Men and women who have walked with the Lord for many years (such as the folks at Brooksville) surely have so much wisdom to share. By concentrating themselves in one place, aren't they isolating themselves from people who could benefit most from that wisdom? I mean, couldn't local churches across the continent and around the globe stand to benefit so much from having veterens of the faith in their midst?

Keith.Drury said...

CURIOUS: Not particularly. When I left headquarters I bought a building lot there (next to where Dan Chamberlain built) but sold it in a few years... in the decade since leaving headquarters I've grown about two decades younger so not heading south very soon.

CHAD: You raise a great point that I need to address in my political blog. Not only do boomers get it all--they spent it all.

JOSH: HA! Not likely...when I retire I plan to retire...and my kids seem to need no help from me--my career needs their help. ;-)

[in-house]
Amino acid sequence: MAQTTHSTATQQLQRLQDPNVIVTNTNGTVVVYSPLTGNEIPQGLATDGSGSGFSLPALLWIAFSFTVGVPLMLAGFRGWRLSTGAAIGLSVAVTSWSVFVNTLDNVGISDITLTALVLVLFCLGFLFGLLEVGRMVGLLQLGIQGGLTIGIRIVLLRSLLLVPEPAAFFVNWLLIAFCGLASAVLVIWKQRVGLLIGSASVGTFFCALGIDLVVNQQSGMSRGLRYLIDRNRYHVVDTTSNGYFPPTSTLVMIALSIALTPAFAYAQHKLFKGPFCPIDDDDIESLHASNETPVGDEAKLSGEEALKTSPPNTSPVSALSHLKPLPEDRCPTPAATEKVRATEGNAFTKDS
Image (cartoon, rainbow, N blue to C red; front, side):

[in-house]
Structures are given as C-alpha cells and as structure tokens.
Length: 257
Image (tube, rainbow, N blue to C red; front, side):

ANON: Yep, that's why 92% of the retirees stay behind and do not move at retirement... so you have plenty left behind... so, plan ways to get this wisdom passed on is you are really serious about this (besides piling them all up in the old people's classes and in prayer meeting while everything else is age-stratified.)

Anonymous said...

Funny stuff. The denomination I grew up in had a retirement village, but I didn't realize how common they were in other denominations. It was good to hear about that dynamic from another denomination and especially to hear the jokes.

Oddly, this is a topic that is kind of interesting.

Anonymous said...